Tagged: srm-3000

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Audio output from the SRM SDR receiver

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Audio output

The SRM-3000 SDR receiver can handle up to 16 independent receiver channels, but usually, we only have one sound card output in the PC. The radio receiver software defines one channel as monitored, and sends its audio output to the default audio out device. This way, you can listen to an active channel with your speakers or headphone.

Processing the audio output

Usually, after the filtering and demodulation, we want some additional post-processing of the audio output. The post-processing software can run on the same or on a separate computer. In the latter case, we can directly connect the audio out to the microphone input of the other PC using a simple jumper cable with two standard 3.5 mm jack plugs. In case we use the same computer for post-processing, we can use a virtual audio cable. This is a software that defines virtual output and input devices. It can be set as the default audio device, and thereby act as a gateway: the SRM SDR receiver can send its audio output to it, which the post-processing software can directly receive.

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Testing with different post processors and decoders

First, I used an external recording software to save audio output for later processing. I’ve employed Audacity, which is a free, open-source audio editor and recorder software for a variety of platforms.

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After that, I’ve successfully tested the connection with the well-known Spectrum Lab post-processor developed by DL4YHF.

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Finally, I’ve tested the demodulation possibility for the audio output by utilizing the Code300 software package from Hoka Electronic. The audio signals contained a real FSK transmission, and it was successfully demodulated and processed.

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FM_broadcast_if_spectrum200

Wideband SDR reception in the SRM SDR software receiver

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[Wideband SDR available bandwidth settings]

The SRM-3000 radio receiver SDR software supports the following six built-in bandwidths: +/- 6.25, 12.5, 25, 50, 100, 200 kHz. These are Single Side Band (SSB) specifications. So, for example, the widest (200 kHz) setup actually enables the reception of 400 kHz wide transmissions, as all the signals are complex. This is seen on the spectrum/waterfall display, which has a frequency range going from -200 kHz to +200 kHz in this case. The wideband SDR software radio receiver SRM automatically sets the Digital Down Converts (DDCs) on the DRU digitizer to the desired Nyquist frequency. But this DDC output sample rate is NOT equal to the bandwidth specification above! In fact, the sample rate is much higher, thus the system can deliver unattended performance within the useful bandwidth. So, for example, in case of the 200 kHz bandwidth setup, the actual DDC output sample rate is 398 kSPS – almost double. This overhead allows to have a magnitude drop of less than 1 dB within the useful ±200 kHz bandwidth.

200 kHz is wide enough to display and receive WB FM broadcast transmissions. As the input frequency range of the DRU-244A digitizer hardware can go up to 320 MHz, we just need to tune the radio receiver to the desired station.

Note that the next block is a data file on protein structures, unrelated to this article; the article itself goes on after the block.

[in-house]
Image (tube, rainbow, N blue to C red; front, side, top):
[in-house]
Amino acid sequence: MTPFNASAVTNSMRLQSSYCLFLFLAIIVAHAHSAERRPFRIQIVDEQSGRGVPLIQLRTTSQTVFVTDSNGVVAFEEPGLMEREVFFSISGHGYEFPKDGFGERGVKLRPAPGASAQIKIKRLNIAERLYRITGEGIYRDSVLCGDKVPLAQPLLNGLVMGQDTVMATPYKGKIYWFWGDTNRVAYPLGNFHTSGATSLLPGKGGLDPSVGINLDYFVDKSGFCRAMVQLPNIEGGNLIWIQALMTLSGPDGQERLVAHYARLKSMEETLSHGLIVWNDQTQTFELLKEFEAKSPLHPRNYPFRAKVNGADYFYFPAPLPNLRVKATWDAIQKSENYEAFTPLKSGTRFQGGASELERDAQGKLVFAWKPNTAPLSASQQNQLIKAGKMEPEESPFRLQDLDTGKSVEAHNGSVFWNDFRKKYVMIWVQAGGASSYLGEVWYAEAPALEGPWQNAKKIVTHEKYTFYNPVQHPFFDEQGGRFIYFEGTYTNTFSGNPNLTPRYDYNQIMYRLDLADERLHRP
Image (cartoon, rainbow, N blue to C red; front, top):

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Thanks to the high SNR the large amplitude 19 kHz stereo pilot is easily identifiable in the audio spectrum. The audio processing runs at 48 kSPS, thus the difference channel is not processed for the time being. Full stereo decoding is an upcoming feature.

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Recall that the display only contains the 1 dB band of the DDC output, which runs in the example at 398 kSPS if IQ pairs are counted as one sample, or at 796 kSPS if counted as two. This is a significant burden on the subsequent DSP processing, which is entirely performed by the x86 Intel GPP in the PC. The processor workload is very high, so you need a powerful machine (i5 or preferably i7) to process one or more wideband radio channels. On the other hand, WB FM broadcasts may be processed in the 100 or 50 kHz bandwidth mode as well due to the robust nature of FM modulation.

FM_broadcast_if_spectrum200 FM_broadcast_if_spectrum100a

The wideband radio receiver is not only for demodulating WB FM broadcasts. The receiver may be tuned to any band of interest. E.g., the following images show the 20 m HAM radio band; the center of the ±50KHz window is at 14.050MHz. In this case, the demodulator offset functionality may be used to select and demodulate the narrowband signal of interest within the available bandwidth. This involves mixing, band filtering, and CW/USB demodulation – all performed on the PC.

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Finally, a note on safe device handling. Direct digital radio reception at wide input bandwidths (i.e., 320 MHz for the DRU-244A digitizer board) necessitates the use of input preselection filters, in order to avoid overload conditions for the sensitive receiver input circuitry. To design and simulate such filters, you may use the excellent free filter design program DIONYSUS by ComNav Engineering.

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